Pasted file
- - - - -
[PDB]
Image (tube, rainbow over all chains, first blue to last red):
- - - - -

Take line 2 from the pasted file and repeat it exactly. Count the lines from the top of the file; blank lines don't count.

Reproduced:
Image (tube, rainbow over all chains, first blue to last red):